Love, October 2014

Robyns SermonsWhat is the most important thing?
An traditional question with a complicated answer.

 

 

The lessons can be found by clicking here. I worked most closely with Matthew 22:34-46.

 

Listen:

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SR: Tech Failure Edition, October 2014

Link: Due to a technology failure, my sermon didn’t record.

Summary of what I was saying and why:
I love this passage because we’ve forgotten it’s a little funny. Give to God what is God’s? Well, everything. Including Ceasar. 
I talked a bit about the hidden challenge of the Pharisees–if we don’t pay taxes Rome will understand that as a rebellion. Then I spent some time with the truth that everything is God’s and Ceasar was made in God’s image. Which means that Jesus’s question to the Pharisees had a couple layers to it too. 
What then does this mean for us, who are made in God’s image? Are we giving to God what is God’s?

Theology: Creation and Stewardship
Jesus Count: High
Good News: We are made in God’s image and belong to God?

What did I change on my feet?
A lot. At the second service I tried to be more interactive and it didn’t work as well as I’d hoped. My original plan was to spend more time on the idea of belonging and I didn’t start there as much as I’d thought about.
What didn’t work/what did I miss?
I missed recording it. :P 
I do think there’s unexplored potential with the idea of ‘who do you belong to?’ and this text. I could also have pulled more strongly on the Baptismal Covenant/Baptismal theology.
What did work?
I think pulling out some of the levels on which the questions were operating was important. This wasn’t an idle can we get him to say something stupid game, this was serious.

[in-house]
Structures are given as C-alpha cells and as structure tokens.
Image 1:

And I love reminding people that God loves us. God has always loved us.

Other sermons I liked:

Deacon Bright, Everything comes from God and everything belongs to God. There is no division between sacred and secular other than the ones we create.

Priest Halley, with a song, asking about the heart of the matter (and us).

Priest Lightcap, “Love God with everything you have, and Caesar can have his face back.”

(Here’s the list of people I usually listen to. Am I missing someone?)

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Promise and Command, Harvest Sunday 2014

Robyns SermonsFavourite Thanksgiving foods, worrying, and tables for sharing.

 

The lesson I worked most closely with was Matthew 6:25-33.  You can read it by clicking here.

 

Listen:

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Vineyard Governing, October 2014

Robyns SermonsJust how is the beloved vineyard being governed, being taken care of?

 

 

The lessons can be found by clicking here.  I worked most closely with Matthew 21:33-46.

 

Listen:

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Jesus Questions, September 2014

The Pharisees play “Questions with Jesus” in today’s Gospel.Robyns Sermons
What do we do with Jesus Questions.

 

The lessons can be found by clicking here. I worked Matthew 21:23-32.

 

Listen:

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SR: A Just Vineyard, September 2014

Link: A Just Vineyard, September 2014

Summary of what I was saying and why:
Short Stories by Jesus, Amy Jill Levine’s new book, had a strong influence on this sermon. I came to it a bit tired of the story and all of the familiar ways of preaching it. Her turn where it was economic but not flat was very helpful. Sort of economy, relationship, and righteousness.

Theology: Stewardship
Jesus Count: Average
Good News: We are called to work in and toward God’s justice.

What did I change on my feet?
I’ve been sketching out more than writing out sermons recently, so this is getting difficult to answer.
What didn’t work/what did I miss?
At the early service I noted that the text is less “standing idle” and more “waiting to work.” I wish I’d included that both times.
What did work?
I was happy to hear me preach that we are to create a world in God’s justice. Several people commented on their discovery of the steward.

Other sermons I liked:

Priest Arnold, The Unfairness of God
We are good at knowing when we are being treated unfairly; we are not as good at knowing when we are treating others unfairly.

Priest Halley, Shade Trees and Grape Vines
“What if in the parable Jesus wasn’t reordering my need to be first, but completely reordering society “Magnificat-style?”

Priest Funston, Leaving Us with a Question
Eric reminds my why my car is named Yo’nah, the Hebraic pronunciation of Jonah.

(Here’s the list of people I usually listen to. Am I missing someone?)

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A Just Vineyard, September 2014

Robyns SermonsAn owner, a vineyard, workers, a just wage.